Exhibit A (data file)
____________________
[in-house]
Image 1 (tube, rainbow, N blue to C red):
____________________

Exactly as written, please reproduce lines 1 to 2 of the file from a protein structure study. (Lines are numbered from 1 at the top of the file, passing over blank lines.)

[in-house]
Image 1 (tube, rainbow, N blue to C red):